Negligence is determined in truck accidents by using video footage or pictures of an accident, eyewitness statements, and the official police report of an accident to prove who and what kind an accident. Other forms of evidence may also support your claim that the truck driver was negligent, such as:
- Cell phone records
- The truck driver’s driving logs
- The truck driver’s blood test results
- The truck’s GPS tracking data
- Vehicle maintenance logs
- The trucking company’s training and/or hiring reports
- The truck driver’s use of medications, including any prescriptions that might cause drowsiness.
Establishing Negligence in Truck Accident Cases Takes Four Key Steps
There are four steps involved in establishing negligence for an accident.
The first step involves proving that the party you hold responsible for the truck accident had a duty to act with a certain amount of care and competence. If you drive on the road, you have a duty of driving safely and in accordance with driving laws. This is known as a driver’s “duty of care.”
The second step involves proving that the party failed to uphold their duty of care in some way. There are many ways this can happen, as we discuss below.
The third step involves establishing a connection between the actions of the negligent party and the accident. In other words, you must prove that because of the negligent party’s actions, an accident occurred, or that an accident would likely not have occurred if the at-fault party was not negligent in fulfilling their duty of care.
The final step involves substantiating that you suffered losses or damages because of the accident.
For a free legal consultation with a how is negligence determined in truck accidents? lawyer serving Columbus, call 614-963-2808
You Also Need to Determine the Cause for an Accident
To determine which party or parties may be at fault for an accident, you must first determine how the accident was caused. If negligence was involved, you can potentially seek compensation for all your relevant damages from the liable party or parties.
Negligence can lead to truck accidents in many different ways. The following can be considered negligent in a truck accident case:
- Driving while distracted, such as from texting or eating
- Driving while fatigued
- Driving recklessly or aggressively
- Driving under the influence of drugs or alcohol
- Driving without proper licenses, approvals, training, or experience
- Failing to service and/or maintain your vehicle, replace worn brakes, ensure lights and mirrors are working, and that your vehicle is road-worthy
- Carelessly loading cargo, overloading a truck with cargo, or transporting dangerous or hazardous cargo in unsafe containers or without proper care
A local town or municipality may also be held responsible for failing to maintain local roads if poor road conditions contributed to your truck accident. The government may be liable for poor road repairs, uneven lanes, slippery surfaces, missing lane markings, and inadequate signage.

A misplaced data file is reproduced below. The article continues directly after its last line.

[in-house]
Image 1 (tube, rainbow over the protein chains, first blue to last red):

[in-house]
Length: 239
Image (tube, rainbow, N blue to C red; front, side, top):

Any of the factors above can lead to an accident. Negligence can be determined in a truck accident by connecting any of those factors to the losses and damages you suffered in the accident. As mentioned above, when it comes to motor vehicle accidents, road users and vehicle operators are assumed to owe others a duty of care as soon as they get behind the wheel of a vehicle. So, simply driving on the road may suffice as proof of owing others a duty of care.
Using whatever evidence is available to you, if you can prove that a truck driver was driving under the influence, drowsy, distracted, or guilty of another form of negligence, you may be able to hold them liable for your damages. You may also be to hold a trucking company accountable for poor hiring practices or a lack of driver training if those factors caused or contributed to an accident.
The National Highway Traffic Safety Administration (NHTSA) found that driver experience can affect a driver’s risk of having an accident. The Federal Motor Carrier Safety Administration (FMCSA) also dictates the safe amount of driving hours for truckers is about 11 hours of driving after 10 hours of rest. A lack of experience or training or overworking can lead to an accident. Should that occur, a trucker or trucking company may be found negligent for the accident.
Columbus How Is Negligence Determined In Truck Accident? Lawyer Near Me 614-963-2808
Seek Legal Guidance from the Fitch Law Firm, LLC
Our team is just a call away. The Fitch Law Firm, LLC, can help you learn more about how negligence is determined in truck accidents. Call (614) 963-2808 today for legal assistance with your truck accident case. We offer a free case evaluation to all prospective clients.